We headed home after the game was over. Dave had stayed home to work to set up his new drill press and work on the window trim. I took a much-needed nap and then us Bowers biked to Nugget to buy supplies for a BBQ steak dinner. It was a great--but exhausting--Saturday! Next year should be more fun since I think Eddie will partake in the activities rather than the infrastructure.

Wednesday, April 13, 2011

Rumparooz: You Had Me At Gussets!

As you all know, we're a cloth diaper family. We launder them ourselves and use cloth wipes, too.

We started out using second-hand and gifted prefold diapers with Bummis velcro covers and Fuzzi Bunz pocket diapers that we simply used as covers (meaning we didn't stuff anything into the "pocket" of the diaper, we just set the folded prefold into the cover). We had 14 size small and about 60 size small prefolds that got us from newborn through 4 months (Eddie spit up constantly and many of the size small prefolds doubled as burping cloths). Then we moved on to using 12 size medium covers and 40 medium/regular prefolds until he was about a year old.

Prefolds are simply flat cotton cloth rectangles, with a thicker center part down the middle that is sewn together. The term "prefold" refers to the sewn together portion in the center; this is in contrast to regular flat cloth diapers that are not sewn together, requiring you to fold the center part yourself. These are less common and are much bigger.

The reason we used the pocket diapers as covers was because we wanted to use the covers a few times before having to wash them. In my opinion, pocket diapers are not worthwhile for the first six months of a baby's life. Until they start eating solids, their poop is unoffensive liquid. But, because they go all the time you will go through lots and lots of diapers.

Pocket diapers are designed to be put on the baby very much like a disposable. No pins, no Snappi. But because the absorbent part is placed inside the pocket, it means that the whole diaper (cover AND absorbent insert) gets dirty every time the baby pees or poops. So we simply placed the prefold on top of the pocket, just like you'd use a normal cover. Most of the time we could reuse the covers 3 times before they got too stinky from pee. If they got wet, we'd just hang it on the towel rod in the bathroom to dry out (baby pee is pretty unoffensive, too). Poopy ones were tossed into the pail immediately.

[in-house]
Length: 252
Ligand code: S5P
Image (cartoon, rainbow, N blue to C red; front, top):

When he was a wee little baby we didn't use pins or a Snappi because the diaper covers did a good job of holding the prefold diaper in place. At about 3 months when he was skilled at wriggling and rolling around, we started using Snappi's to hold the cloth diaper in place under the cover.

The prefolds with a Snappi worked really well for us until Eddie could walk. This child moves SO much and SO fast that his diapers would literally fall out of the covers and down his legs! It was pretty amusing when they were only wet...but as you can imagine, having a poopy cloth diaper trailing behind him was gross. Plus it was getting REALLY difficult to get him diapered in the first place because he just wanted to get up and go!

We went online and looked for a "onesize" pocket diaper that could be adjusted to fit a child from newborn to potty training age. Snaps were important instead of velcro because we found that the velcro wore out too fast for us (especially since we wanted to use them for our future children AND we had plans to loan them out to friends to borrow).

Dave is a big fan of gussets because they greatly reduce blowouts. At this point, the only cloth pocket diaper with inner gussets are Rumparooz diapers. So we bought a pack of 12 in a variety of bold colors. (This was quite an investment--$300--and I saved all my extra money from a side job in order to buy them. But man-oh-man was it worth it!)

After 10 months of using them, the verdict is: WE LOVE THEM.

In case anyone is interested in how we use our pocket diapers, here's a play-by-play:

These are Rumparooz:This is the outside part. It is lying on top of a size small prefold diaper (we keep a clean one under Eddie's tush during changes to keep the changing pad cover clean):This is the fleece inside part that touches the baby's skin. It is much thicker than the fleece lining in Fuzzi Bunz and Bum Genius pocket diapers (the latter isn't even fleece so it is less absorbent):
Here's a disposable diapers so you can see the inner and outer gussets (I'm holding the inner one):And here's a play-by-play of how we diaper Eddie (my stuffed frog, Fiber, is filling in because Eddie was too busy to cooperate):